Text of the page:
Concerta passes into the mother's breast milk and it could harm a nursing infant. Therefore, mothers should not be taking Concerta while pregnant or breastfeeding. Concerta may also cause birth defects so caution should be practiced.

Allergic Reaction

It's possible to have an allergic reaction to Concerta. Some symptoms can include trouble breathing, chest pain, hives, and swelling of your lips, tongue, face, and throat. Call for emergency medical attention right away if you have an allergy to Concerta.

Why Is Concerta Dangerous?

There are several reasons why Concerta is dangerous. If you take Concerta extended release medications without a prescription, it can affect your physical and mental health. Here are some reasons why Concerta is dangerous:

Concerta Is Highly Addictive

Concerta is dangerous because it has a comparable effect to cocaine and amphetamines when abused. The high addictive potential of Concerta extended release drugs are often overshadowed by the positive medical results from oral intake, but addiction should be taken seriously. If you have a history or family history of drug or alcohol dependence, you should be cautious about Concerta use.

Concerta Can Cause Drug Overdose

Drug overdose is one of the side effects of using too much Concerta extended release and this can be possibly fatal. Overdose can also take place if you mix Concerta with other drugs. The risk of overdose for this drug is staggeringly similar to other central nervous system stimulants.

Long-term Use Can Worsen Mental Health illnesses

Prolonged misuse can lead to an array of dangerous side effects, such as schizophrenia, psychoses, delusions, heart problems, and cerebrovascular disorders — all of which may result in drastic behavioral changes.

Concerta can Cause Heart Problems and Sudden Death

For people with existing heart and blood pressure problems, Concerta extended release meds can worsen these conditions. Using Concerta can even trigger sudden death in some people with heart issues.

What Causes Concerta Overdose?

One of the most common causes of overdose for any prescription drugs is taking larger amounts in order to heighten the effects provided by the drug. In the case of Concerta extended release drugs, overdose typically happens as a result of intranasal and intravenous abuse.

The highest reported amount of Concerta that was intranasally abused was 200mg of substance. Meanwhile, for intravenous and oral intake, the highest amount reported is around 40 to 1000mg and 125 Concerta extended release tablets per day respectively.

Concerta Drug facts

What Are the Signs of Overdose?

There are several physical and behavioral indications if a person has been excessively using Concerta extended release medications. These overdose indications are a result of the overstimulation of the brain and the excess adrenaline effect.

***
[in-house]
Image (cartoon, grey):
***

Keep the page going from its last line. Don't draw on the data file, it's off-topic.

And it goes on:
Overdose Symptoms:

  • Nausea and vomiting
  • Muscle pain
  • Hallucinations
  • Uncontrolled bodily actions
  • Excessive sweating
  • Fast heartbeat
  • Dilated pupils
  • Headache
  • Chest pain
  • High blood pressure / circulation problems

How Do You Treat Concerta Overdose?

In order to help those people who have experienced a Concerta overdose, the following treatments or procedures are recommended:

  • To ensure the patient's well-being, it is necessary to prevent them from harming themselves and also minimize any external triggers that could induce a response.
  • If necessary, it is imperative to flush out the existing contents of the patient's stomach.
  • An alternate way to detoxify a patient's stomach is by taking activated charcoal or cathartic.
  • The patient can also undergo peritoneal dialysis or the removal of waste from the blood.

If you or someone you know is experiencing drug overdose, call your doctor or get emergency medical help right away.

What Are the Withdrawal Symptoms from Concerta?

With Concerta extended release being an addictive controlled substance, withdrawal symptoms may manifest when you suddenly stop using the drug. Tell your doctor if you plan on stopping the use of Concerta drugs before you quit cold turkey. If you tell your doctor or medical professional, they can advise ways to avoid painful withdrawal symptoms.

Withdrawal Symptoms:

  • Vomiting
  • Nervousness
  • Frequent headaches
  • Severe fatigue
  • Depression
  • Low heart rate
  • Panic attacks
  • High-level of irritability
  • Delusions

How Can You Treat Concerta Addiction?

If you're struggling with Concerta drug dependence or addiction while being treated for ADHD, tell your doctor immediately. Your doctor can provide you with other medication options or offer helpful advice on how to manage the addiction.

Seek professional help from rehabilitation centers and mental health providers near you. Professional help is key for a successful recovery as they are trained to diagnose and treat your condition, helping you navigate through the process of detoxification more effectively.